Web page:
Remote Rewards

Remote Rewards

To some, education from a distance has its benefits.


Last winter, McCormick second-year Caroline Harms walked from Willard to Tech five days a week. Her 15-minute trek involved cutting through Plex, crossing a parking lot and walking up Sheridan Road before reaching her destination: 11 a.m. Engineering Analysis. Learning remotely, Harms’ commute is now just a few steps across her dorm room, from her bed to her desk.

Despite the numerous drawbacks associated with online learning — technical difficulties, distracting home lives and screen fatigue, to name a few — students like Harms are finding just as many upsides, like the ability to wake up five minutes before class. Athletes can now join Zoom calls from the bus or hotel, making it easier to keep up with course material. What’s more, some students with learning disabilities say their educational experience improves significantly with increased privacy and individual interactions with professors.

During her first year, Harms chose to live on South Campus because of its community feel, but rushing across campus from class to class consumed valuable time in her already-busy engineering major schedule. Though most of her classes took place in Tech, Harms says one was in Harris, which was a stressful walk to make in a short amount of time. Because of the virtual environment this quarter, she says she has used her spare time to get involved in activities she couldn’t enjoy while things were in-person, like editorial positions on the Northwestern Undergraduate Research Journal and Helicon Literary & Arts Magazine.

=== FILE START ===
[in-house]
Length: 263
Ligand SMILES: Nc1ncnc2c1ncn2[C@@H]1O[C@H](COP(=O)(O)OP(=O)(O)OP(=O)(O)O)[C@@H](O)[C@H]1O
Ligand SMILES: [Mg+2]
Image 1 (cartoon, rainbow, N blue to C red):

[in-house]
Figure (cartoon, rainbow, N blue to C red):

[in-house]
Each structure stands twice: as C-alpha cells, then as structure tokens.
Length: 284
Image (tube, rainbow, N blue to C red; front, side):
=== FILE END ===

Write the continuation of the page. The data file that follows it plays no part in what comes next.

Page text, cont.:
“I [thought] I physically can't get there at this time, or I have things to do elsewhere on campus,” Harms says. “That's not really a problem anymore.”

Another benefit of the remote learning atmosphere is the ability to review lecture material. Harms says she likes “the idea of recorded lectures,” as she can return to concepts if her mind wanders the first time they are presented.

During the pandemic, some of her professors even recorded office hours, which she says helps especially when there are time constraints preventing her from attending.

SESP second-year Olivia Haskins plays volleyball for Northwestern. She also says the virtual environment gives her greater academic accessibility, especially during season, when the team is often on the road. Haskins recalled feeling rushed last winter going from practice to her dorm then to class. She says virtual classes are “a time saver” this winter, as her team travels every other weekend.

Additionally, Haskins says she appreciates asynchronous classes for the flexibility they offer. This winter, she enrolled in Anthropology 201, which she wouldn’t have been able to take in an in-person environment.

“Having asynchronous classes has been really cool because there’s a lot of classes that are only taught in the morning that I usually can't take with practice,” Haskins says. “But now, a lot of them are asynchronous, so I can still take the class. I don’t have to worry about missing the classroom or missing practice. I can just do them whenever I want.”

Increased flexibility is especially important for students with learning differences, including Weinberg first- year Nia Robles. They have also enjoyed access to recorded lectures, which allow them to take class when their attention is most focused.

“[As] a person who has difficulties with language and attention, being able to rewatch things is something that I found extremely helpful,” Robles says.

Additionally, Robles says the remote learning environment is more conducive to navigating an anxiety disorder. They say Zoom classes can allow for increased privacy during their most difficult classes.